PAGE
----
SODIUM CARBONATE - (497-19-8)

Introduction

Name: sodium carbonate
* IUPAC
CAS Number: 497-19-8
Chemical Formula: Na2CO3
Molar Mass: 105.98844 g
Mass Percent: Na 43.381 %; C 11.332 %; O 45.286 % 

Classification

• inorganic

Uses/Function

• "...it acts like a hydroxide with many substances; hence it is an excellent cleansing substance. It is an important component of many cleaning powders...A large proportion of all the sodium carbonate made in this country [United States] goes into the manufacture of glass. Much sodium carbonate is used in softening hard waters, and some is used in petroleum refineries, to neutralize the sulfuric acid employed in an earlier stage of the refining...it is preferred for those uses in which the liberation of carbon dioxide is required, as in chemical fire extinguishers." 1

• "The compounds NaCl, NaHCO3, Na2CO3, Na2SO4, and NaOH are used in food processing, road deicing, water treatment, glass manufacture, paper making, and the chemical industry." 2

• "11th most produced chemical in the United States in 1995 - 9.3 megatonnes." 3

• "11th most produced chemical in the United States - 17.78 billion pounds" 4

• "Softening [in chemical water analysis]" 5

• "Sodium carbonate is another commercially important compound. In 1995, in the United States 10.1×109 kg of Na2CO3 was produced, making it the 11th ranked industrial chemical. This compound has the common name soda ash, or washing soda, and it has been obtained, since prehistoric times, from naturally occurring deposits of Na2CO3•10H2O. Trona, Na2CO3•NaHCO3•2H2O, however, estimated at 6×1010 tons, was discovered in Wyoming, and virtually all Na2CO3 in the United States now comes from that source. About 40% of the soda ash is used in the manufacture of glass, but large amounts are also used in water treatment, in pulp and paper manufacture, and in cleaning materials." 6

Physical Properties

Melting Point:*
858.1°C 7 = 1131.25 K = 1576.58°F


* - 1 atm pressure

Bonding

Thermochemistry

ΔHf° (s): -270.3 kcal/mol 8 = -1,130.94 kJ/mol
S° (s): 32.5 cal/(mol•K) 9 = 135.98 J/(mol•K)
ΔGf° (s): -250.4 kcal/mol 10 = -1,047.67 kJ/mol

Reactions

For More Information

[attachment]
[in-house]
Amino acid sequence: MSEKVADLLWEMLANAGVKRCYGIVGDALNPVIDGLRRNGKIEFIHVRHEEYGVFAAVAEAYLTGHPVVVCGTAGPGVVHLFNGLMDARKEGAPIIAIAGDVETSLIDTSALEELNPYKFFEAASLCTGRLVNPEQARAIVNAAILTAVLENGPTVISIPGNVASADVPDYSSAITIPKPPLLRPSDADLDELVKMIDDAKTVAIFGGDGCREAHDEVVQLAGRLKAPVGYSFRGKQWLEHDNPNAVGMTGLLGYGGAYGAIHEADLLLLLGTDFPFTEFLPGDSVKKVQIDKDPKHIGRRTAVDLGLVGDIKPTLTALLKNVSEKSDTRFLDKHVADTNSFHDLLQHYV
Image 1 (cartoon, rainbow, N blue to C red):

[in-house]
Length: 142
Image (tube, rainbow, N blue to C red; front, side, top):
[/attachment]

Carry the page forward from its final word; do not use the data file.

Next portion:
Sources

(1) - Brownlee, Raymond B., Fuller, Robert W., and Whitsit, Jesse E. Elements of Chemistry; Allyn and Bacon: Boston, Massachusetts, 1959; pp 191-192.
(2) - Swaddle, T.W. Inorganic Chemistry; Academic Press: San Diego, 1997; p 6.
(3) - Chem. Eng. News, 1995, 73 (26), p 39
(4) - Reisch, Mark S.; Top 50 Chemicals Production Turned Back Up in 1987. Chemical & Engineering News, April 11, 1988, pp 30-33.
(5) - Hammer, Mark J. Water and Wastewater Technology, 2nd ed.; Prentice Hall: Englewood Cliffs, NJ, 1986; p 9.
(6) - Kotz and Treichel. Chemistry & Chemical Reactivity, 4th ed.; Thomson Brooks/Cole: Belmont, CA, 1999; p 1016.
(7) - Lide, David R. CRC Handbook of Chemistry and Physics, 84th ed.; CRC Press: Boca Raton, FL, 2003; p 4-84.
(8) - Dean, John A. Lange's Handbook of Chemistry, 12th ed.; McGraw-Hill Book Company: New York, NY, 1979; p 9:4-9:94.
(9) - Dean, John A. Lange's Handbook of Chemistry, 12th ed.; McGraw-Hill Book Company: New York, NY, 1979; p 9:4-9:94.
(10) - Dean, John A. Lange's Handbook of Chemistry, 12th ed.; McGraw-Hill Book Company: New York, NY, 1979; p 9:4-9:94.
(11) - Ebbing, Darrell D. General Chemistry 3rd ed.; Houghton Mifflin Company: Boston, MA, 1990; p 84.
(12) - Ebbing, Darrell D. General Chemistry 3rd ed.; Houghton Mifflin Company: Boston, MA, 1990; p 137.
(13) - Swaddle, T.W. Inorganic Chemistry; Academic Press: San Diego, 1997; p 211.
(14) - Ebbing, Darrell D. General Chemistry 3rd ed.; Houghton Mifflin Company: Boston, MA, 1990; p 94.